Spin polarized scanning tunneling microscopy
Spin-polarized scanning tunneling microscopy (SP-STM) is a specialized application of scanning tunneling microscopy (STM) that can provide detailed information of magnetic phenomena on the single-atom scale additional to the atomic topology gained with STM. SP-STM opened a novel approach to static and dynamic magnetic processes as precise investigations of domain walls in ferromagnetic and antiferromagnetic systems, as well as thermal and current-induced switching of nanomagnetic particles.
Method of operation
An extremely sharp tip coated with a thin layer of magnetic material is moved systematically over a sample. A voltage is applied between the tip and the sample allowing electrons to tunnel between the two, resulting in a current. In the absence of magnetic phenomena, the strength of this current is indicative for local electronic properties.
If the tip is magnetized, electrons with spins matching the tip's magnetization will have a higher chance of tunneling. This is essentially the effect of tunnel magnetoresistance and the tip/surface essentially acts as a spin valve.
Since a scan using only a magnetized tip cannot distinguish between current changes due to magnetization or space separation, multi-domain structures and/or topological information from another source (frequently conventional STM) must be utilized. This makes possible magnetic imaging down to the atomic scale, for example, in antiferromagnetic system. Topological and magnetic information can be simultaneously obtained if the tip´s magnetization is modulated at a high frequency (20–30 kHz) using a small coil wound around the tip. The tip´s magnetization thus flips too fast for the STM feedback loop to respond to and topological information is obtained intact. The high frequency signal is separated using a lock-in amplifier and this signal provides the magnetic information about the surface.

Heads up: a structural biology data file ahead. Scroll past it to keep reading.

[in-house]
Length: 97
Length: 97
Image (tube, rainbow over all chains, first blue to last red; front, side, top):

Nowadays, antiferromagnetic tips are in use since ferromagnetic tips induce magnetization reversal in the systems to be studied due to stray fields. In STM tunneling electrons come from the very same atom most close to the surface. Therefore, with the magnetization of this atom well defined, the tunneling current remains polarized for antiferromagnetic tips but without stray field.
Another way to obtain the magnetization distribution is to have the tip provide a strong stream of spin polarized electrons. One method to achieve this is to shine polarization laser light onto a GaAs tip, which produces spin polarized electrons due to spin-orbit coupling. The tip is then scanned along the sample much like conventional STM. One limitation of this method is that the most effective source of spin polarized electrons is obtained by having the incident laser light shine directly opposite of the tip, i.e. through the sample itself. This restricts the method to measuring thin samples.
- A brief overview of STM
- Bode, M (2003). "Spin-polarized scanning tunnelling microscopy". Reports on Progress in Physics 66: 523. doi:10.1088/0034-4885/66/4/203.
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